Third Sunday of Easter-C

One of the most endearing qualities of a person is to be authentic, with all good and not so good qualities.  When there is no guise of pride, envy or arrogance, there is a comfort level because what you see it what you get. Usually these are people who have ventured and experienced selfless love to some degree.

 Out of all of the disciples of Christ, Peter would best fit this description.  Here is man whose humanity oozed from every pour of his body, yet he was called by Christ to be the first one to lead his Church. It is no accident that Christ chose Peter, a man with many shortcomings, but also a man who was passionate, who knew how to love, albeit, at times misdirected. Even though St. Peter often fell short of expectations, he loved deeply. Sounds familiar? St. Mary Magdalene was cut from the same cloth.

The third visit of Christ with his disciples after his resurrection highlights the good side of Peter’s humanity, his love. Jesus intended, as he does with all, to help Peter’s love mature to be truly a holy love. It could never have happened if Peter’s love was not present to begin with.

 Let us recall briefly Peter’s past reactions to Christ.  At the last supper, Peter chides Christ in telling him that his feet are not fit to be washed until Christ tells him it necessary.  Peter replies, “Then not only my feet, but my hands and head as well.”  Later we are told, Peter claims that he will lay down his life for Jesus.  And then of course, the breaking of his promise never to deny Jesus.

Peter was a man who loved in a child-like way, always ready to assent to the call of God, but sometimes falling short, sometimes not understanding the totality of what he was proclaiming in his words of love. It is never a fault, to love, nor is it a fault to not be able to see the whole picture at one time.  It is a fault however, to never even venture into the territory of love, for fear of failure or overriding selfishness.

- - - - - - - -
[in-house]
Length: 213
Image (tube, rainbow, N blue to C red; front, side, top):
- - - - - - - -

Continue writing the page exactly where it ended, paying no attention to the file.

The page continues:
Our spiritual life, like our physical life, is meant to grow and mature which never happens all at once. St. Peter is the poster boy for this principle. His love for God matured the longer he kept in contact with God. 

You can almost imagine the scene at daybreak on the shore after the Resurrection. The Gospel recalls the exchange. Jesus Christ asks Peter a specific question on the shore, “Do you love me?”  In a typical manner for Peter who always seems to rush into things. answers twice, seemingly without thought, “you know that I love you.”  The third time Christ asks is different, “Do you love me?” Same words, different response. Peter was hurt with the final question about his love. 

  Perhaps, Peter was hurt because he finally realized the love Christ was talking about was not what Peter understood love to be.  Maybe, at this point, Peter finally understood the meaning of love in a mature way, that love is not always associated with bells and whistles and fireworks and glorious events.  For Christ responds to Peter after each question by giving him a task which will manifest that love, “Feed my lambs. . . . Tend my sheep. . . . Feed my sheep.”

What is crucial in our lives is not failing, but first and foremost loving God and our neighbor in every situation even if before we have not lived up to the claim all the time. The first step is ours and the rest is up to God who perfects our love by his love. 

So, it is with us who venture to love first. Christ will ask each of us these three questions, “Do you love me?”  And I hope we will respond in a similar fashion as Peter.  And Christ will respond to us again, [then] “Help those who are less fortunate than you. . . . Do you love me?” Be responsible husbands and wives and parents. . . . Do you love me?” Give respect and time to those who are suffering.”

Will we be hurt when Jesus asks us a third time?  Quite possibly, but know love needs to be perfected, needs to be brought to a higher level of holiness.  And God who is always patient with us will keep asking those questions throughout our life.   “Do you love me?”  “Lord, you know everything.  You know well that I love you.” and Jesus will respond, then keep loving me and your neighbor deeply.  

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